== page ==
In this issue
April 9, 2014

Jonathan Tobin: Why Did Kerry Lie About Israeli Blame?

Samuel G. Freedman: A resolution 70 years later for a father's unsettling legacy of ashes from Dachau

Jessica Ivins: A resolution 70 years later for a father's unsettling legacy of ashes from Dachau

Kim Giles: Asking for help is not weakness

Kathy Kristof and Barbara Hoch Marcus: 7 Great Growth Israeli Stocks

Matthew Mientka: How Beans, Peas, And Chickpeas Cleanse Bad Cholesterol and Lowers Risk of Heart Disease

Sabrina Bachai: 5 At-Home Treatments For Headaches

The Kosher Gourmet by Daniel Neman Have yourself a matzo ball: The secrets bubby never told you and recipes she could have never imagined

April 8, 2014

Lori Nawyn: At Your Wit's End and Back: Finding Peace

Susan B. Garland and Rachel L. Sheedy: Strategies Married Couples Can Use to Boost Benefits

David Muhlbaum: Smart Tax Deductions Non-Itemizers Can Claim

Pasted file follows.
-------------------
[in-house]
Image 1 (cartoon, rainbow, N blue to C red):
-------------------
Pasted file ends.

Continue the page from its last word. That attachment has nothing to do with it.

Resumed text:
Jill Weisenberger, M.S., R.D.N., C.D.E : Before You Lose Your Mental Edge

Dana Dovey: Coffee Drinkers Rejoice! Your Cup Of Joe Can Prevent Death From Liver Disease

Chris Weller: Electric 'Thinking Cap' Puts Your Brain Power Into High Gear

The Kosher Gourmet by Marlene Parrish A gift of hazelnuts keeps giving --- for a variety of nutty recipes: Entree, side, soup, dessert

April 4, 2014

Rabbi David Gutterman: The Word for Nothing Means Everything

Charles Krauthammer: Kerry's folly, Chapter 3

Amy Peterson: A life of love: How to build lasting relationships with your children

John Ericson: Older Women: Save Your Heart, Prevent Stroke Don't Drink Diet

John Ericson: Why 50 million Americans will still have spring allergies after taking meds

Cameron Huddleston: Best and Worst Buys of April 2014

Stacy Rapacon: Great Mutual Funds for Young Investors

Sarah Boesveld: Teacher keeps promise to mail thousands of former students letters written by their past selves

The Kosher Gourmet by Sharon Thompson Anyone can make a salad, you say. But can they make a great salad? (SECRETS, TESTED TECHNIQUES + 4 RECIPES, INCLUDING DRESSINGS)